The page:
Shimshon Cytryn Cleared of Attempted Murder, Guilty of Battery

Shimshon Cytryn guilty of aggravated battery, cleared of attempted murder. His father is under house arrest for stopping Arabs who smashed his car.

Hillel Fendel,

Israel's Supreme Court
Israel's Supreme Court

Shmuel Cytryn, a shepherd from Nachliel in the central Binyamin region, was not present as his son Shimshon's verdict was read aloud Sunday in the Be'er Sheva District courthouse. Instead, Cytryn-the-father is under house arrest for having tried to stop two Arabs who stoned his car and smashed his windshield.

The verdict handed down today concerned a rock-throwing incident in Gush Katif, and found Shimshon guilty of aggravated assault, but innocent of attempted murder.  It was to have been handed down this past Wednesday, but was postponed until today (Sunday) because of the incident that landed Shimshon's father under arrest.

Sentencing is expected only three months from now, after the Testing Service presents its reports.  The challenge now for the family and legal experts is to put and end to the house arrest under which Shimshon-the-son is placed, and to enable him to be married to his intended, to whom he became engaged in the past month.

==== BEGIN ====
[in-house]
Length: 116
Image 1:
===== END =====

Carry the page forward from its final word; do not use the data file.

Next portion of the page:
The story began nearly two years ago, several weeks before the Disengagement/expulsion from Gush Katif and northern Shomron. In protest of the withdrawal, well over 150 Jewish youths had taken over an abandoned seashore building not far from Shirat HaYam - one of the 21 Jewish Gaza communities later destroyed in the Disengagement. The youths took over the building after the IDF destroyed ten other abandoned structures nearby, into which it feared anti-expulsion protestors would move in and impede the expulsion from Gush Katif.

When army and police forces moved in to throw them out, nearby Arabs living in a building across the road joined in the fray, throwing rocks and injuring one Israeli; the Jews threw rocks back as well. Several Jews were arrested in the ensuing melee. It was reported that an Arab had been "mortally wounded," and the situation was widely described by media, political and military sources as a Jewish "lynching" of Arabs.

Manhunt Begins
Amidst this charged atmosphere, a manhunt was launched for two Israeli youths filmed throwing rocks from close range at an Arab. When 18-year-old Shimshon Cytryn was finally arrested a few days later, it was widely assumed that he would receive up to 20 years in prison for his role.

However, as Arutz-7 reported at the time, most of reports did not mention that the injured Arab had been throwing rocks at Israelis for 15 minutes beforehand - and that he was up and about even while media reports continued to describe him as "mortally wounded." In addition, the purported victim, Hilal Ziad Al-Majaydeh, told Voice of Israel Radio the next day that he had not been attacked by a civilian, but rather by an IDF soldier.